The Hungry Urbanist: Baked goods from Bondir embody bond of food sellers and neighborhoods
This weekend Jason Bond is making a special croissant from squid ink, a unique sake-flavored sesame paste from San Francisco and some salmon. It is available at both of Cambridge’s Formaggio Kitchens, and also at Pepita Coffee in the Lamplighter Brewery, conveniently across Broadway from Jason’s restaurant, Bondir. He makes his croissants and breads in the basement but bakes them on the ground floor, not far from the restaurant’s dining room, heated by a stove that burns wood.
Despite his small restaurant’s big reputation, Bond has struggled to move forward during the pandemic. He has a variety of takeaway foods, but his baked goods have been a huge success, selling out early on Saturdays and Sundays. He was aided by a grant from the City of Cambridge that was intended originally for outdoor furniture but instead became an essential piece of croissant-making equipment, a sheeter.
The relationship between a food establishment and a neighborhood can be complex. Hamersley’s Bistro in the South End helped define that neighborhood as an ever more sophisticated neighbor to the Back Bay, Boston’s own Brooklyn. Todd English’s Charlestown restaurants were helped by neighbors and locations in another suddenly transformed neighborhood that was within walking distance of downtown Boston: Charlestown became better know because Figs and Olive’s were there, and those restaurants were famous for being in Charlestown. Steve’s Ice Cream was defined in a New Yorker magazine piece as being the only reason most people had to visit old Somerville. A friend has long theorized that the vague neighborhood between Harvard Square and Porter Square needed and inchoately and collectively wanted a destination place such as Bagelsaurus; Simon’s Coffee may have simply been too small to catalyze an ill-defined district that is almost as much part of Oxford Street as Massachusetts Avenue.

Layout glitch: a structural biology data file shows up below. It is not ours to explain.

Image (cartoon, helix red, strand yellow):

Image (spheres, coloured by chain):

Jason’s croissants sell out at relatively new spots that help to mark their neighborhoods. Cambridge’s second Formaggio, at 94 Hampshire St., started off slowly but once the pandemic ended most dining, the new residents steadily changing the neighborhood turned this small, curated market into Boston’s best convenience store. What other corner has such a variety of cheeses and wines and beers? (And baked goods from Bondir.)
Years ago a friend who lived on nearby Windsor Street bemoaned The Boston Globe’s habit of labeling as “killings” the dumping of murder victims in front of the departed Windsor Tap: “They weren’t killed in this neighborhood. Their bodies were dumped here!” Nothing could convince him that the distinction was – to many readers – slight. Then the city put up billboards urging residents to “Turn In a Pusher.” The sign was in Spanish and, as my friend said, “No one speaks Spanish in this neighborhood.” Much has changed. The food is improved.
Gus Rancatore has lived and eaten in Cambridge since 1973. He and his sister own Toscanini’s ice cream on First Street and soon to return to Lafayette Square.